It is better to have multiple curator teams, with different vetting processes and release schedules for
bitcoind than a single one.
“More eyes on code”, “Contribute to Core”, “Everybody should audit the code”.
All these points repeated again and again fell to Earth on the day it was discovered that Bitcoin Core developers merged a variable name change from “blacklist” to “blocklist” without even discussing or acknowledging the fact that that innocent pull request opened by a sybil account was a social attack.
After a big lot of people manifested their dissatisfaction with that event on Twitter and on GitHub, most Core developers simply ignored everybody’s concerns or even personally attacked people who were complaining.
The event has shown that:
- Bitcoin Core ultimately rests on the hands of a couple maintainers and they decide what goes on the GitHub repository1 and the binary releases that will be downloaded by thousands;
- Bitcoin Core is susceptible to social attacks;
- “More eyes on code” don’t matter, as these extra eyes can be ignored and dismissed.
If usage was spread across 10 different
bitcoind flavors, the network would be much more resistant to social attacks to a single team.
This has nothing to do with the question on if it is better to have multiple different Bitcoin node implementations or not, because here we’re basically talking about the same software.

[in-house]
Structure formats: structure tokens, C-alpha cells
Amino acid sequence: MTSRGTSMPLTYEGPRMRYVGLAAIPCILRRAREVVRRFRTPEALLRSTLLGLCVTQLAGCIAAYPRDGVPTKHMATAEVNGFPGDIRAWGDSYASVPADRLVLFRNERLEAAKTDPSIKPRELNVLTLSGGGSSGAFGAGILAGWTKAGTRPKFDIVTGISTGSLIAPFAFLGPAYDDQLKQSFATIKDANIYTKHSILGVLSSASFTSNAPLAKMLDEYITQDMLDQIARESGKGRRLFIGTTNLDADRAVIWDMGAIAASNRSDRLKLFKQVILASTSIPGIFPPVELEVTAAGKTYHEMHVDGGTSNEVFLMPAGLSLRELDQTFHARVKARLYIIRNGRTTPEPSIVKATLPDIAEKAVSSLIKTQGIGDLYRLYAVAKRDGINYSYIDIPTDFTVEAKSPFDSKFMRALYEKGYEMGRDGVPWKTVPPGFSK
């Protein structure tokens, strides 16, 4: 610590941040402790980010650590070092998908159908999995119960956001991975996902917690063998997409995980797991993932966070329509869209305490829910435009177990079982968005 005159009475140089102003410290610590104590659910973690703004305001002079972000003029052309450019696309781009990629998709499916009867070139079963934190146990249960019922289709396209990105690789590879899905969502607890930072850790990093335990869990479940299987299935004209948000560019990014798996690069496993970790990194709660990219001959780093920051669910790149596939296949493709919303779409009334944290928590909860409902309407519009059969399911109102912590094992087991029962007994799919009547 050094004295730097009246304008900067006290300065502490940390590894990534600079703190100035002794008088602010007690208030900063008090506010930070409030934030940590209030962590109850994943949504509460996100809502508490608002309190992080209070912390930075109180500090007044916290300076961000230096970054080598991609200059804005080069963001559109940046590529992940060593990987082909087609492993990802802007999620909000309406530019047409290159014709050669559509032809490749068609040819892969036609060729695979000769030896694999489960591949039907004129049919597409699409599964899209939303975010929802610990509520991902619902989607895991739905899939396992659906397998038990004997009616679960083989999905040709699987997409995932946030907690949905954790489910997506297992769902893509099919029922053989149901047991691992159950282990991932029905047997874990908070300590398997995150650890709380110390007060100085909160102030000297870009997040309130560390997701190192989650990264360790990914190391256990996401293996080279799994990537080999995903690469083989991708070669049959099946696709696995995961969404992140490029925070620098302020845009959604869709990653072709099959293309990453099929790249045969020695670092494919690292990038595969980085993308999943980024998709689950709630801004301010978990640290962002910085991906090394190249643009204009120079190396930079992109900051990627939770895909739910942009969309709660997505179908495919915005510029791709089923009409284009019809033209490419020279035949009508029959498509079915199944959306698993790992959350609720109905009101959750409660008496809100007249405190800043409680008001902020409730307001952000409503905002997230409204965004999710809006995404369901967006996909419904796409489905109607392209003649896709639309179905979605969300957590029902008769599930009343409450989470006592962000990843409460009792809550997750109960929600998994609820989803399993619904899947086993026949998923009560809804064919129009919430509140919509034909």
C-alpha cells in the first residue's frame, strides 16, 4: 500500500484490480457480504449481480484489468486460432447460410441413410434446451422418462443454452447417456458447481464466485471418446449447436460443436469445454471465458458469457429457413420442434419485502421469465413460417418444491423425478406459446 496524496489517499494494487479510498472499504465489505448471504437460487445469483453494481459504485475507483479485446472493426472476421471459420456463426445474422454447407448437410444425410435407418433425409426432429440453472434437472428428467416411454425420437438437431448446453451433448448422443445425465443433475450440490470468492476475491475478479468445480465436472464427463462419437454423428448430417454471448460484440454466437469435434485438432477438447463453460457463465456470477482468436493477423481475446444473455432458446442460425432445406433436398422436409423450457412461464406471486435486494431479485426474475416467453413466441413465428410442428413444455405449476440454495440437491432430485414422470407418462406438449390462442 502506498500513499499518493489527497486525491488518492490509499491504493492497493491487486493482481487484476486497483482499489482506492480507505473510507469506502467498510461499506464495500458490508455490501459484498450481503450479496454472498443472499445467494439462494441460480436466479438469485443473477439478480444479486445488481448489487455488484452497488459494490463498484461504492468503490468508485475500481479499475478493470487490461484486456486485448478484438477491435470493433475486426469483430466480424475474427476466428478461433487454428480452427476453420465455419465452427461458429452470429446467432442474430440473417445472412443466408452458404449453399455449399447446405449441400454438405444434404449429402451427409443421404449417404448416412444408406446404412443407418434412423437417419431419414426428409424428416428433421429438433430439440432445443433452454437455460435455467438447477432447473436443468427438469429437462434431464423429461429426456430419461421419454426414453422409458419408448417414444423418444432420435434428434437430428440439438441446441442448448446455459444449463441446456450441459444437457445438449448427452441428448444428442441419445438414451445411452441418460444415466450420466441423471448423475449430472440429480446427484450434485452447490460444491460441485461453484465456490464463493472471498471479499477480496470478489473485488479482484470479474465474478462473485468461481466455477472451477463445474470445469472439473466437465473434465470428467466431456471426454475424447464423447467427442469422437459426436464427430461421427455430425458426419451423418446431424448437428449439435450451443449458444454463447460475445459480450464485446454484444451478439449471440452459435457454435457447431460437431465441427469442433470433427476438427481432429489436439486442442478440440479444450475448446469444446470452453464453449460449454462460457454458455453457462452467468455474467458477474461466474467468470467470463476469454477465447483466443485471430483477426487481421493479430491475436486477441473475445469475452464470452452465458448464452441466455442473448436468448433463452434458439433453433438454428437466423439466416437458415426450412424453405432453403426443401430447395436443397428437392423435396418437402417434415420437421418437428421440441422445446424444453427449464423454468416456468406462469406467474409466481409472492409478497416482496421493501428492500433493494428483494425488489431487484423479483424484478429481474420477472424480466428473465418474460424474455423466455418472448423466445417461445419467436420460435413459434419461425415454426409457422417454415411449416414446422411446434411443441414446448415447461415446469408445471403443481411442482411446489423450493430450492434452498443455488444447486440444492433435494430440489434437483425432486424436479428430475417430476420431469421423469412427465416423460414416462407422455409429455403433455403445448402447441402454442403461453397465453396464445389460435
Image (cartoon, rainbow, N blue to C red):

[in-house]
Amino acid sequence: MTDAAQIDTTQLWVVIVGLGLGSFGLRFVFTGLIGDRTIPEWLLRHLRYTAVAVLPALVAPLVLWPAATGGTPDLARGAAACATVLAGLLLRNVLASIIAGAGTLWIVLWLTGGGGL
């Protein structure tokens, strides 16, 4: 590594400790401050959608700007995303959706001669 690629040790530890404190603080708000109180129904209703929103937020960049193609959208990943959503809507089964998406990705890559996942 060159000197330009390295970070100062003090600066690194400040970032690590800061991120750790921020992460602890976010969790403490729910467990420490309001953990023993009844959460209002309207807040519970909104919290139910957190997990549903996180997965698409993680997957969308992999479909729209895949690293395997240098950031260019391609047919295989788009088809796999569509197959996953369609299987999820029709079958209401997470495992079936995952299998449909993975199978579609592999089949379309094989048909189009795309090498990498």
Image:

Multiple teams, each with their own release process, their own logo, some subtle changes, or perhaps no changes at all, just a different name for their
bitcoind flavor, and that’s it.
Every day or week or month or year, each flavor merges all changes from Bitcoin Core on their own fork. If there’s anything suspicious or too leftist (or perhaps too rightist, in case there’s a leftist
bitcoind flavor), maybe they will spot it and not merge.
This way we keep the best of both worlds: all software development, bugfixes, improvements goes on Bitcoin Core, other flavors just copy. If there’s some non-consensus change whose efficacy is debatable, one of the flavors will merge on their fork and test, and later others – including Core – can copy that too. Plus, we get resistant to attacks: in case there is an attack on Bitcoin Core, only 10% of the network would be compromised. the other flavors would be safe.
Run Bitcoin Knots
The first example of a
bitcoind software that follows Bitcoin Core closely, adds some small changes, but has an independent vetting and release process is Bitcoin Knots, maintained by the incorruptible Luke DashJr.
Next time you decide to run
bitcoind, run Bitcoin Knots instead and contribute to
See [PR 20624](https://github.com/bitcoin/bitcoin/pull/20624], for example, a very complicated change that could be introducing bugs or be a deliberate attack, merged in 3 days without time for discussion.↩︎